That was it. That was 3DTV’s best chance. ESPN just decided to discontinue its push for 3DTV sporting events, deciding its time would be better spent focusing on traditional high resolution broadcasts and Tim Tebow daguerreotypes. And that, in a nutshell, effectively kills 3DTV’s chances of ever going mainstream.
ESPN giving up on 3D is crippling in a way that seems almost impossible for 3D TV to overcome. That’s because if anyone ever really wanted 3D on their TV for anything but movies, it was for sports. In a survey from 2010, around the time 3DTVs were first becoming widely available, 61 per cent of people polled said that sports were the thing they’d most want to view on a 3DTV. Movies will remain more or less fine — though often the 3D Blu-ray is simply bundled with a collector’s edition or the regular edition — mostly because they’re such a boon to box office numbers. But sports were the foothold into the wider world of TV.
It’s hard to imagine a more perfect canvas for 3D on your television than sports. That makes sense on a few cascading levels. For one, sports are played three dimensionally, with depth and perspective that simply isn’t necessary or utilized on traditional programming. Shows like the evening news and How I Met Your Mother are scripted or staged in ways that make 3D, essentially, superfluous. It would be nice, more or less, but wouldn’t really add much in the end.
To go with a debatable improvement to traditional programming, it also poses some unique technical headaches. Taking advantage of 3D is complicated, because a lot of the visual tricks you can use with a regular display — depth of field, odd framing, etc — can look positively dreadful in 3D. As Mark Wilson wrote for Gizmodo’s review of Avatar back in 2010, “An out of focus shoulder breaking the corner of the frame is pretty much the worst implementation of 3D I could imagine.” For Breaking Bad or Mad Men, that might be a problem. For sports, which keeps the entire court or field in focus at all times? No such thing.
Then there’s just the purely visceral experience of watching sports. LeBron James flashing into the frame, delivering a drunk like lightning from a god. Lionel Messi whirling through the penalty box, whipping a pass to a teammate at the far post, as the depth of the angle of that teammate’s run shows through in 3D just a little more clearly. Adrian Peterson making very fast men seem impossibly slow. You want to see moments like this in 3D. Or, well, you would if you had any interest in 3D to begin with.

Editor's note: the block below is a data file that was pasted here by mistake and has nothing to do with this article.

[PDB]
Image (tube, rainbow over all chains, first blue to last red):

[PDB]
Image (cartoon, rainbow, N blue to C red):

It’s possible that the way we watch TV now — or at least how the tech-forward vanguard that would adopt the technology and introduce it to the world — just doesn’t mesh with 3D, or more specifically, 3D glasses. We text and tweet and trawl through Twitter lists looking for GIFs, in real time, as we’re watching games or episodes of touchstone shows like Game of Thrones. It’s just a different experience than it was just a few years ago, when 3D was making its renewed push. And while 3D glasses might be something you’re willing to endure when sitting down to watch a movie — an act that still, blessedly, common etiquette keeps second screening out of — no one wants that mess while peeking down at a phone or tablet or laptop in between plays, or while folding laundry and half-paying attention to True Blood.
Maybe now, if like ESPN everyone else finally gives up the ghost, we can finally start seeing some more practical advancements in TV tech. There’s 4K, of course, though that’s a ways off, and who knows when it’ll come off of its gaudy price points. There any number of attempts at smell-o-vision tech,which hey, why not. And there’s also the stuff we just haven’t thought of yet, or haven’t taken seriously enough to try in earnest. Transparent displays that can live in the centre of a room as sort of windows, that become screens. Or bendable displays that we can fold up in our pockets, or that compress down onto a shelf. Maybe some weird tech that makes massive screens an affordable thing. The point is, if we put our energy into everything that isn’t 3D, maybe we end up with something more useful.
It’s tempting to say that burying 3DTV, or being plainly against the idea, is an anti-technology sentiment, that we’re shoving off progress in favour of our comfortable old viewing habits. Rejecting sabermetrics for box scores, basically. But often we confuse a way forward for the way forward. 3D as we have it now is a progressive technology only in that it’s different, not because it’s an imperative for furthering how we watch TV.